Ulcerated Basal Cell Carcinomas Masquerading as Venous Leg Ulcers

Ulcerated Basal Cell Carcinomas Masquerading as Venous Leg Ulcers ABSTRACT BACKGROUND: Nonmelanoma skin cancers rarely arise from venous leg ulcers (VLUs). Although basal cell carcinoma (BCC) is the most common nonmelanoma skin cancer, its association with lower-extremity ulcers is not as frequently reported as other malignancies. OBJECTIVE: To report a case series of biopsy-proven BCC from lower-extremity ulcers of patients who presented at a multispecialty wound clinic. METHODS: Four male patients (mean age, 82.75 years) with 4 chronic VLUs (duration ranging from 2 months to 10 years) underwent a biopsy of their ulcerative lesions. RESULTS: Histologic examination of the specimens revealed 4 cases of BCC. All of the lesions were surgically excised, followed by split-thickness skin graft (n = 2) or healing by secondary intention (n = 2). All of the patients remained healed at follow-up ranging from 15 to 27 months, except for 1 patient who opted for conservative management and had not completely healed at 14 months’ follow-up. CONCLUSIONS: Biopsies are warranted for any VLU with documented stalled healing following 3 months of standard of care. One biopsy is performed at the periphery of the ulcer and another at the base in order to rule out the presence of malignant transformation because of BCC, squamous cell carcinoma, sarcoma, melanoma, lymphoma, or metastases. http://www.deepdyve.com/assets/images/DeepDyve-Logo-lg.png Advances in Skin & Wound Care Wolters Kluwer Health

Ulcerated Basal Cell Carcinomas Masquerading as Venous Leg Ulcers

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Publisher
Lippincott Williams & Wilkins
Copyright
Copyright © 2018 Wolters Kluwer Health, Inc. All rights reserved.
ISSN
1527-7941
eISSN
1538-8654
D.O.I.
10.1097/01.ASW.0000530068.44631.dc
Publisher site
See Article on Publisher Site

Abstract

ABSTRACT BACKGROUND: Nonmelanoma skin cancers rarely arise from venous leg ulcers (VLUs). Although basal cell carcinoma (BCC) is the most common nonmelanoma skin cancer, its association with lower-extremity ulcers is not as frequently reported as other malignancies. OBJECTIVE: To report a case series of biopsy-proven BCC from lower-extremity ulcers of patients who presented at a multispecialty wound clinic. METHODS: Four male patients (mean age, 82.75 years) with 4 chronic VLUs (duration ranging from 2 months to 10 years) underwent a biopsy of their ulcerative lesions. RESULTS: Histologic examination of the specimens revealed 4 cases of BCC. All of the lesions were surgically excised, followed by split-thickness skin graft (n = 2) or healing by secondary intention (n = 2). All of the patients remained healed at follow-up ranging from 15 to 27 months, except for 1 patient who opted for conservative management and had not completely healed at 14 months’ follow-up. CONCLUSIONS: Biopsies are warranted for any VLU with documented stalled healing following 3 months of standard of care. One biopsy is performed at the periphery of the ulcer and another at the base in order to rule out the presence of malignant transformation because of BCC, squamous cell carcinoma, sarcoma, melanoma, lymphoma, or metastases.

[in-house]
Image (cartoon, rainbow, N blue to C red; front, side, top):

Journal

Advances in Skin & Wound CareWolters Kluwer Health

Published: Jan 1, 2018

References

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